The Telegraph
Since 1st March, 1999
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Delhi tries to verify Rajiv suspect arrest
- Bangkok buzz on belt-bomb organiser

Sept. 11: The Central Bureau of Investigation is trying to verify reports that Kumaran Padmanathan, the man said to be behind the belt-bomb that killed Rajiv Gandhi, has been arrested in Bangkok.

Reports coming in from the Thailand capital said the 49-year-old, considered the “kingpin” of the LTTE’s global arms network, was arrested yesterday by Interpol after a manhunt that stretched across Johannesburg, Yangon and Singapore.

“The Indian mission in Bangkok has been asked to confirm Padmanathan’s arrest,” a CBI source said in Delhi.

The agency has also given Thai authorities details of cases pending against Padmanathan — also known as KP — and sought their assistance in handing him over to face trial for Rajiv’s murder.

The former Prime Minister was killed during a 1991 election rally in Tamil Nadu when an LTTE rebel detonated her belt-bomb as he leaned forward to accept a garland.

Padmanathan, the head of the banned group’s international wing and declared one of the most wanted terrorists by Interpol, is said to have arranged for the belt.

Initial reports suggested the arrest came after three rebels were detained last month in Thailand while trying to buy guns and 45,000 rounds of ammunition.

One report quoted an LTTE source as saying the arrest was like a heart attack. The CBI has been on Padmanathan’s trail for over a decade. An agency team had even travelled to New Zealand and questioned three Tamil nationals, sources said. The CBI also approached over 20 other countries, including Sweden where the rebel leader was believed to be hiding. Swedish authorities, however, said he had fled the country.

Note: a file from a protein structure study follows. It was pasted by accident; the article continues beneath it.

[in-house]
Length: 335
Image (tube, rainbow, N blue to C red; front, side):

Padmanathan, who is said to have floated shipping companies worldwide to smuggle arms and has an Indian passport among the many he holds, figured in the report of the Jain Commission that probed the conspiracy behind Rajiv’s murder.

D.R. Karthikeyan, former chief of the special investigation team that probed the case, said Padmanathan shopped for arms, explosives, electronic gadgets and sophisticated wireless sets. Even after the assassination, Padmanathan was making use of locations in India “to refurbish the LTTE’s arsenal”, Karthikeyan says in his book Triumph of Truth.

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